DIISC-I: The Discovery of Kinematically Anomalous H i Clouds in M 100


We report the discovery of two kinematically anomalous atomic hydrogen (H i) clouds in M 100 (NGC 4321), which was observed as part of the Deciphering the Interplay between the Interstellar medium, Stars, and the Circumgalactic medium (DIISC) survey in H i 21 cm at 3.3 km s−1 spectroscopic and 44″ × 30″ spatial resolution using the Karl G. Jansky Very Large Array. 15 15 The National Radio Astronomy Observatory is a facility of the National Science Foundation operated under cooperative agreement by Associated Universities, Inc. These clouds were identified as structures that show significant kinematic offsets from the rotating disk of M 100. The velocity offsets of 40 km s−1 observed in these clouds are comparable to the offsets seen in intermediate-velocity clouds (IVCs) in the circumgalactic medium (CGM) of the Milky Way and nearby galaxies. We find that one anomalous cloud in M 100 is associated with star-forming regions detected in Hα and far-ultraviolet imaging. Our investigation shows that anomalous clouds in M 100 may originate from multiple mechanisms, such as star formation feedback-driven outflows, ram pressure stripping, and tidal interactions with satellite galaxies. Moreover, we do not detect any cool CGM at 38.8 kpc from the center of M 100, giving an upper limit of N(H i) ≤1.7 × 1013 cm−2 (3σ). Since M 100 is in the Virgo cluster, the nonexistence of neutral/cool CGM is a likely pathway for turning it into a red galaxy.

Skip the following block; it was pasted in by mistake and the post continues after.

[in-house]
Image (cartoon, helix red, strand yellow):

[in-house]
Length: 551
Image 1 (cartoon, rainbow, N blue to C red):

DIISC-I, kinematically anomalous clouds, interstellar clouds, interstellar medium, virgo cluster


Gim, Hansung B., Sanchayeeta Borthakur, Emmanuel Momjian, Mansi Padave, Rolf A. Jansen, Dylan Nelson, Timothy M. Heckman et al. "DIISC-I: The Discovery of Kinematically Anomalous H i Clouds in M 100." The Astrophysical Journal 922, no. 1 (2021): 69.
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